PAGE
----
The caravans: Since 1974, processions of campers have journeyed over a narrow, paved road running the length--slightly longer than Italy--of the dry, spiny Lower California peninsula. Tourists are nothing new in Mexico, but until the highway was built, Baja California was more isolated from the rest of its country than Alaska is from the contiguous United States. Twenty-five years ago, recreational visitors were as rare as rainfall. Now, fledgling tourist developments account for more than a third of the state's income. With only 250,000 inhabitants, Baja California Sur is the least populated Mexican state--but it suddenly has the most international airports. Except for isolated pockets, unemployment is rare, a condition unimaginable nearly anywhere else in the country.
The reason, Mexicans agree, is coastlines and California. Barely 150 miles wide at its maximum girth, Baja California separates the warm Gulf of California (also known as the Sea of Cortez) from the colder Pacific. Between the two, an astonishing variety of aquatic organisms enraptures both commercial and sportfishermen. Most of the latter (and other related tourist species) arrive from nearby California--which is also Baja's major market for seafood.
Since the highway and airports appeared, the unblemished stillness of palm-thatch villages has been replaced by clattering armadas of cement trucks. One former fishing camp has more lumberyards than the entire state did a decade ago. A hundred resorts are blooming; families are pouring in from \o7 el interior\f7 for construction jobs for papa and chambermaid positions for mama, and Baja is still short-handed.
"Prosperity," muses curly-haired Santana Aramburo, with some amazement. He is working in the airport at the tip of the peninsula, where private and government tourism projects are locked in profitable combat. Aramburo came here from the state of Sonora, where he'd studied economics. Grateful to have employment, he still can't help noticing the exceptional circumstances that have brought it about.
Supine under a palmetto \o7 ramada\f7 just beyond the string of hotels at San Jose del Cabo, Aramburo observes that his Sunday drinking companions here were once shark fishermen. Now, they either take tourists out to catch marlin, or sell tuna and cabrilla to wholesalers who ship it to the United States. The nearby San Jose River once was lined with orchards and fields of corn, chiles and beans. But agriculture has largely been abandoned, and dense palms now grow where the crops once grew.
"Farmers' sons now are waiters in the restaurants. This state could probably grow enough to support itself, but even where there's still agriculture, it's mainly wheat, safflower--whatever is good for export."
A fisherman passes Aramburo a liter of beer; it's windy, and no tourists are going out today. "These were self-sufficient villages. Today, everything here is for the gringo--crops, fish, housing and tourism."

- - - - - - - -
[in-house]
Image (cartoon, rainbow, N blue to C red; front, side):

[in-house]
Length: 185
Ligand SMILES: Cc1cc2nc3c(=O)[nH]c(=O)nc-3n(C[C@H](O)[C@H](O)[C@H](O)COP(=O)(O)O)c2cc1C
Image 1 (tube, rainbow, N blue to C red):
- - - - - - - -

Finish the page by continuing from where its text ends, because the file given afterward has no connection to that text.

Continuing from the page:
Aramburo's companions, who now make $30 a day plus tips working sportfishing boats, grin and offer a toast. "To the gringos!" Aramburo agrees. "If the United States got mad at Mexico over drugs or immigration or oil prices, a tourism boycott would be catastrophic." Shuddering at the prospect, the fishermen open another bottle of Pacifico. "But it will probably never happen. This country has so much. The United States hasn't even begun to exploit our potential. It can't stay away from her,pxso it will always solve its problems with Mexico."
He takes a long pull on the circulating refreshment. "Unless," he adds, winking, "we become the 51st star in the spangled banner."
That joke, half serious, is ubiquitous in Baja California Sur: The United States will forgive Mexico's awesome debt in exchange for the peninsula. This offends the sense of national pride that the government inculcates early on with textbooks that portray the U.S. role in Mexican history with more venom than most North Americans realize. Ever since 1853, when James Gadsden's purchase added southern New Mexico and Arizona to everything else Mexico lost in the 1846-48 Mexican-American War, Mexico's constitutions have forbidden relinquishing sovereign territory. When American filibusterer William Walker invaded La Paz in 1853 and declared himself lord of the peninsula, undermanned but proud forces ran him off. But with today's pervasive North American presence in the hotels and luxury homes appearing along the shores, many just shrug, observing that, piece by piece, the United States is buying Baja California.
Two years ago, an alternate route along the Pacific side was added to the last 100 miles of the trans-peninsular highway. At one point an artesian spring surfaces, watering a coastal oasis known as Todos Santos. Mango, avocado and papaya orchards fill the seams between hills where a village perches, its houses made from woven and plastered \o7 palo de arco\f7 sticks.